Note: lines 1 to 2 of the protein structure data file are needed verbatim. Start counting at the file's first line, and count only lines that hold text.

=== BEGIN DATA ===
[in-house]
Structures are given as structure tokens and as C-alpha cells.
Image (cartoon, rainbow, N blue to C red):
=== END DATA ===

[in-house]
Structures are given as structure tokens and as C-alpha cells.